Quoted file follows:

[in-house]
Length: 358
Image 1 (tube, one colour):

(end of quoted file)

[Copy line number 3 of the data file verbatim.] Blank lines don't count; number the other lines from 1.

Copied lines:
Image 1 (tube, one colour):